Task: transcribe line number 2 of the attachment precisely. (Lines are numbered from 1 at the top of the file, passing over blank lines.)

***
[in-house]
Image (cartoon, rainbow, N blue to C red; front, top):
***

Image (cartoon, rainbow, N blue to C red; front, top):